A new term has been coined by market analysts to describe how many investors are feeling about the markets right now - “nervous bulls”. Normally, when the market is free falling, we hear the adage, "don’t fight the tape", meaning take your money and run while you still have it, but rarely do we hear this clamor when the market is going up. Sure, there are reasons to worry; the bear case goes something like this: further deterioration in home prices, increases in foreclosures and the lock up in the credit markets will pinch consumers who will slam the breaks on the economy. Short and sweet, but there may be a bull case that is even more compelling.
To begin, we should take a look at the wealth effect, taking note that there is very little data that correlates a drop in housing prices with consumer spending. This is largely because data on falling housing prices has been hard to come by, with consistent nominal gains over much of the last 70 years. So let’s take a look at some numbers on which there have been correlations established. The wealth effect also includes consumers’ reaction to stock market prices. Year-to-date the S&P 500 is up 9.82%, which follows strong years since 2003, a net positive. Other factors affecting the wealth effect: wage growth, 4.1% year over year; consumer borrowing, up 6% year over year; unemployment 4.7%, although it recently ticked up, it is still very low by historical standards, all net positives.
Now let’s take a look at the interest rate cycle. I have written extensively in the past about probabilities of upward markets six months and twelve months out once the rate easing cycle started; both periods are favorable. Two factors that may influence this relationship are PE expansion and Capex cycles. Going back to 1980, every rate easing cycle has led to PE multiple expansion. Given that we are starting from a PE of 14.6X on forward years earnings on the S&P500, which is relatively low over recent historical standards, it is reasonable to believe there is room for multiple expansion. There is also a high correlation between Capex cycles and Fed rate cycles that indicates an upward inflection point in Capex near the beginning of the Fed rate easing cycle. This is especially interesting because it potentially may give investors a reason to think corporate spending may pick up should consumer spending ease due to housing weakness. But most importantly, let’s not forget that based on valuation, stocks are still the best valued asset class compared to bonds, real estate or commodities.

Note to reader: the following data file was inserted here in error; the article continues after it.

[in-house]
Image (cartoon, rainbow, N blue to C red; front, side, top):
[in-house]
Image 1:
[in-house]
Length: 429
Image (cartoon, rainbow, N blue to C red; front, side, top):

Okay, but couldn’t the Fed act as the spoiler if it halts it interest cutting bias? The Fed’s mandate is to balance price stability with economic growth. The bursting of the housing bubble means lower asset prices, which correlates with a slow down in economic activity which in turn reduces pricing power which has a disinflationary effect. Meaning, at least for the short-term, deflation may be a greater cause of concern. I know this can be hard to stomach given the spike in commodity prices we have seen recently, but one should keep in mind that the Fed interest rate policy is meant to work as a tool on aggregate supply and demand; commodity prices are largely being influenced by factors that may lay outside the definitions of aggregate supply and demand.
Finally let’s not forget Q3 earnings since they will be in the spot light over the next few weeks. Thomson First Call currently estimates Q3 earnings growth to be approximately 3% for the S&P500. This, of course, is the weakest number we have had since the latest stage of the bull market began. The whisper number is between 6% and 8%, which could provide further room to rally.
None of this is to say that a severe downturn in housing can’t derail the bull party, but the point is, there are real reasons to be bullish and not fight this tape.